Your goals should be the benchmarks you need to hit in order to continue progressing in your strategic plan. All of it should be driving you to the future you want to create. Your vision.  

What sales systems do you need to create or rip off and implement in your business to increase efficiencies or customer service? I highly recommend ripping them off since we work in an extremely simple industry, and you likely won’t be able to think of anything that has not already been thought of and implemented by someone else. 

When it comes to systems like preparing a listing for market or moving a buyer through the sales funnel, someone is already doing it at a high level. Just copy them. 

Strategic assets
What strategic assets do you need to acquire in order to execute the long-term plan? This could be your own office space, it could be a specific tool or technology asset, it could be a strategic lead generation asset like building the organic SEO on your website so that it generates five leads a month or building the reach of your social media to the same purpose.

It could be the purchase of all of your own staging furniture (and a designer to place it), or it could be hiring a marketing director to take your marketing to the next level. What are the strategic assets you need to acquire that will help catapult you?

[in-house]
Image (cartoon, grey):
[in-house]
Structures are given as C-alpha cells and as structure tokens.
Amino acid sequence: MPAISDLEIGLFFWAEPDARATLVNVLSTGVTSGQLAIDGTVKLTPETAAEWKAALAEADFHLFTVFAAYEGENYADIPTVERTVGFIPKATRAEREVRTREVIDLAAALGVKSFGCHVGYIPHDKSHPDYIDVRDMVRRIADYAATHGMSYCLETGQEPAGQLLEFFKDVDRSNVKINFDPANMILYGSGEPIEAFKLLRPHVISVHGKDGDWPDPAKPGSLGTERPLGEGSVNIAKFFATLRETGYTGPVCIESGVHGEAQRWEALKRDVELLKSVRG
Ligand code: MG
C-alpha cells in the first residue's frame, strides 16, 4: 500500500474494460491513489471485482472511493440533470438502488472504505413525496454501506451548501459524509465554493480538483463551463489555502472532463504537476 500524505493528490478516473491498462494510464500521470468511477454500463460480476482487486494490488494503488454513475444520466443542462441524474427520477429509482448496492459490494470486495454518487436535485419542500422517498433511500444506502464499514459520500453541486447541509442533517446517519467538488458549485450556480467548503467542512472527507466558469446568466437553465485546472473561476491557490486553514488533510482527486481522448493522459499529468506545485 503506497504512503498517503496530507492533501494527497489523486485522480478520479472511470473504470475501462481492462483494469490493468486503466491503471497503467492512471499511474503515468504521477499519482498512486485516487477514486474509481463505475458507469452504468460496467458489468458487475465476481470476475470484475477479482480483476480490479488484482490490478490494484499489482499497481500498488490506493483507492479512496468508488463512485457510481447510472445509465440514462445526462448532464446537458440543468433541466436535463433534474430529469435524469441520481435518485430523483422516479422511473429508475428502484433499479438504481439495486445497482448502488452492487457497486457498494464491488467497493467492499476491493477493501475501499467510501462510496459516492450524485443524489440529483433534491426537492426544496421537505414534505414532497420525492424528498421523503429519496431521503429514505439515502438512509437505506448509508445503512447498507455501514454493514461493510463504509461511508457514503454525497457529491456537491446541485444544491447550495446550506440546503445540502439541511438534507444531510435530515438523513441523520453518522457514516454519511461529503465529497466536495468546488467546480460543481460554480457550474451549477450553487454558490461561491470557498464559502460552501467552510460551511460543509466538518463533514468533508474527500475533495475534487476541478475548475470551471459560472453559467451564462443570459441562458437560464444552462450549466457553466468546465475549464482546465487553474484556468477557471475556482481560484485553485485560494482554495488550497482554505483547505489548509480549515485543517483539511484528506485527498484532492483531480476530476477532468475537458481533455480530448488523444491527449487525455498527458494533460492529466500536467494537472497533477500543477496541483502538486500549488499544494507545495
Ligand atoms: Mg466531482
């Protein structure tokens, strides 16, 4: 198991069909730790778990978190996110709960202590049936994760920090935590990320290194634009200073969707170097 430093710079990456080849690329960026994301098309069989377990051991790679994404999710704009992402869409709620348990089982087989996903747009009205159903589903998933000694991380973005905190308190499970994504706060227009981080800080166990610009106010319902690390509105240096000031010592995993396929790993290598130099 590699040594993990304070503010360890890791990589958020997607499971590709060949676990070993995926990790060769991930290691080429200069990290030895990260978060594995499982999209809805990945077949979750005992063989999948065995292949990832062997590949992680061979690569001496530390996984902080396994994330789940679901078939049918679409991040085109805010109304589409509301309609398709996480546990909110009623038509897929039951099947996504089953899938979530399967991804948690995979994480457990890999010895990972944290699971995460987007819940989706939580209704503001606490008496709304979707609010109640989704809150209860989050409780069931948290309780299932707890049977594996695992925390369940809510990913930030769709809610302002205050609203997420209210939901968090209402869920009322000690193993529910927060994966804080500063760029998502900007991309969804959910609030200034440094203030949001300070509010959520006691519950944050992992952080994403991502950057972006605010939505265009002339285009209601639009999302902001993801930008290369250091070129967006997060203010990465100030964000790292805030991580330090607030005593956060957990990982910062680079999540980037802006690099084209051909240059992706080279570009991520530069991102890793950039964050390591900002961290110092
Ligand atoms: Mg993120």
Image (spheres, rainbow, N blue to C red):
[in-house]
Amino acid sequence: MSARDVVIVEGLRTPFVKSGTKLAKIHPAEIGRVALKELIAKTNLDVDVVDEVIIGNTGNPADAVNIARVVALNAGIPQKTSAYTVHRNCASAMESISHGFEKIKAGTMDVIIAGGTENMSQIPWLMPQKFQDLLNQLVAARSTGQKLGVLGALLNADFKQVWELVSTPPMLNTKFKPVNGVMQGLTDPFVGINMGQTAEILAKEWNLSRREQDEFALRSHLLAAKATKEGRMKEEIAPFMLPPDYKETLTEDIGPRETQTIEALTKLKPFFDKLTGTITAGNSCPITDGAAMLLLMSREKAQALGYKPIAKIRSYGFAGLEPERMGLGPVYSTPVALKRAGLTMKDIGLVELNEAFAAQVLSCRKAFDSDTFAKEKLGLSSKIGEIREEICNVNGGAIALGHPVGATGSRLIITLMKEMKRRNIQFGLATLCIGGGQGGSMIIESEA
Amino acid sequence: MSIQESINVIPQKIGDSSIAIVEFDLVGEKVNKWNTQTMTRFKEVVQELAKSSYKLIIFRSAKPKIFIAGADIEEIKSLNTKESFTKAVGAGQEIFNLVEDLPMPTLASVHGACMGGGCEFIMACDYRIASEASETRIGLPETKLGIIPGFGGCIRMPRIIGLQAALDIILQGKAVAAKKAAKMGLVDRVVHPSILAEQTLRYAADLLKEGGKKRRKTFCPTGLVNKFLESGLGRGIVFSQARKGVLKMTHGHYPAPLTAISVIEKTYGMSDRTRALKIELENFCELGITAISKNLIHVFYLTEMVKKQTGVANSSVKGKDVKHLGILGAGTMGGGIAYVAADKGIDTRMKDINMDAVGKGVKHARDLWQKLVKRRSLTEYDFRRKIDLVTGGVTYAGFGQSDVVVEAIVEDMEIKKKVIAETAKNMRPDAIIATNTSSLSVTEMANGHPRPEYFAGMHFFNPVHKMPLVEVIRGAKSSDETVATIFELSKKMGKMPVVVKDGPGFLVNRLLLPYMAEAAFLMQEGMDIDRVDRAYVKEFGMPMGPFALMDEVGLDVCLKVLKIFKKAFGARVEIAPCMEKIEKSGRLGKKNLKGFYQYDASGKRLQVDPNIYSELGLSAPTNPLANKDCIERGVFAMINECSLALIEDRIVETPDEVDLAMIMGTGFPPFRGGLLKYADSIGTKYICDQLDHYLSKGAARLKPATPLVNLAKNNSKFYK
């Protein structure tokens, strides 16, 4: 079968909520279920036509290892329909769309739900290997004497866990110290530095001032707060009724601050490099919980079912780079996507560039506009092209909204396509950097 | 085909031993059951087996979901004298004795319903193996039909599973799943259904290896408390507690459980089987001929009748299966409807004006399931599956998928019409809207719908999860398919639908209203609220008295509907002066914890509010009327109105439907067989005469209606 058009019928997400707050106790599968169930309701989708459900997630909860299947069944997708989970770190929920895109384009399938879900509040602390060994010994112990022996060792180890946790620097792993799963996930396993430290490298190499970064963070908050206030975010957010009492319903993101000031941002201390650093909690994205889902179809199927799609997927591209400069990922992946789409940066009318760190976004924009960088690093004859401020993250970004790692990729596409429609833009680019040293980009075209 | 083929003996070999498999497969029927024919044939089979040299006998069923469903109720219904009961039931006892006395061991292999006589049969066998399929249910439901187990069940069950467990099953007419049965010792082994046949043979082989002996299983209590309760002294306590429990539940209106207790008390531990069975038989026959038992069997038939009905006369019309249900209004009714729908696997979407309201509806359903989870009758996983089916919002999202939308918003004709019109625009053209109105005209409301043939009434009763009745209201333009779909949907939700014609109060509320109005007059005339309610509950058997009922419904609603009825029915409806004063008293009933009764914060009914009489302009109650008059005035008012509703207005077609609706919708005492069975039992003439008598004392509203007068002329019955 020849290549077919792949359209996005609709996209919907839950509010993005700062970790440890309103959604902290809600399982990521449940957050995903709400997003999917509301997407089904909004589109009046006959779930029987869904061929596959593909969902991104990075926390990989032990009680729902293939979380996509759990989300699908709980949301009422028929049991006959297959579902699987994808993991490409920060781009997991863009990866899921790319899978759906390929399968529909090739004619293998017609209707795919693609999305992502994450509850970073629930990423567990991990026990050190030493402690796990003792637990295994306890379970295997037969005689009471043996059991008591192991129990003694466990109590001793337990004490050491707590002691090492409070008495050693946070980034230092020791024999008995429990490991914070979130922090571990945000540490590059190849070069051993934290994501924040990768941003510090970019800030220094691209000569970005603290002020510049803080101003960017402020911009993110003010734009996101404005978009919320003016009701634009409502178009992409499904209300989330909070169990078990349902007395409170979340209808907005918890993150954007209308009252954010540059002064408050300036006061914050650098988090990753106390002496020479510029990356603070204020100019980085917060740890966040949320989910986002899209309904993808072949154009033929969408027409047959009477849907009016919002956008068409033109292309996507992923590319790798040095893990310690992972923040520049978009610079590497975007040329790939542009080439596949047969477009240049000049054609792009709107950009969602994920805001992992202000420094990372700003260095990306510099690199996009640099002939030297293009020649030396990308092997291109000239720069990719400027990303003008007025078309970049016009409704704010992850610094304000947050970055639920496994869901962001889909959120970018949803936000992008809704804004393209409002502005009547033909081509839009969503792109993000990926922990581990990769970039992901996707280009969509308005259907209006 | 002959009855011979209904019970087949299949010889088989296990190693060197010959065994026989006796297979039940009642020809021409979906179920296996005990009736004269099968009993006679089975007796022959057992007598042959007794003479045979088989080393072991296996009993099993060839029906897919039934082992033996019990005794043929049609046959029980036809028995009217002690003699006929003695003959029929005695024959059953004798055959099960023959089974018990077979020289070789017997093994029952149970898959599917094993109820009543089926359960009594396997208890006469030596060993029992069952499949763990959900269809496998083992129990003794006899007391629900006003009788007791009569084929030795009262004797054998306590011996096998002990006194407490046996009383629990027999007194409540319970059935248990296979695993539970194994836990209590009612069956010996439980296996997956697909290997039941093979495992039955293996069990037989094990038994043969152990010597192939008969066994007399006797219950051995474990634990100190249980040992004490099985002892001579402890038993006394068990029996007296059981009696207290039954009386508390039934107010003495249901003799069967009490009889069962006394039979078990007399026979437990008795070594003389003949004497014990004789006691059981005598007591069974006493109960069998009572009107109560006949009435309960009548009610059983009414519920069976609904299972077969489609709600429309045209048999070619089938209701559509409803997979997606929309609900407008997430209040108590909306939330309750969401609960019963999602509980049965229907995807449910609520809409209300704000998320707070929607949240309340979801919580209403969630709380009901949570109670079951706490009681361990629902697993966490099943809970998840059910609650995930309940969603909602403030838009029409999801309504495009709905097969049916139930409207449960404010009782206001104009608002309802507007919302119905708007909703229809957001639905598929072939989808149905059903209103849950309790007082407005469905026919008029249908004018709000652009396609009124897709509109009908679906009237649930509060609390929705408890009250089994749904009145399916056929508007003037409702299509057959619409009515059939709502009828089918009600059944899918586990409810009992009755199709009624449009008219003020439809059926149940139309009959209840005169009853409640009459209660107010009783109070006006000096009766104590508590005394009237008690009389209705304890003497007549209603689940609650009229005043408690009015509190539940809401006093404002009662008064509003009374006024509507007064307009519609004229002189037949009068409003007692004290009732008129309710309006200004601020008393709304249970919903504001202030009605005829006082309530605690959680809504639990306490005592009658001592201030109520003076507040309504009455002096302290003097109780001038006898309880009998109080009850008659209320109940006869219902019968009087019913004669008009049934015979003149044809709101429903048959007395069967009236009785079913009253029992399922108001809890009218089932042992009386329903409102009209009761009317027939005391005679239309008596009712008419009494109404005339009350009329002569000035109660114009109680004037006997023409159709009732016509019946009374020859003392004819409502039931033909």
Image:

A quote to ponder
“Strategic planning is worthless – unless there is first a strategic vision.” — John Naisbitt

A good plan should be simple and easy to follow. For me, this means it needs to fit on one or two pages. Maybe you need, or like, a bit more detail, but I would be cautious about getting into the weeds. While we should know where we are going, we never know exactly how we are going to get there, and the route always takes unexpected twists and turns.

One of the biggest tragedies of this industry is the number of agents who failed simply because they were either too ignorant or arrogant to follow the map that successful agents have already drawn. Create your own map and enjoy the rewards.

Nick Schlekeway is the founder of Amherst Madison, a Boise, Idaho-based real estate brokerage.

Why Having a Strategic Plan is the Secret to Peak Performance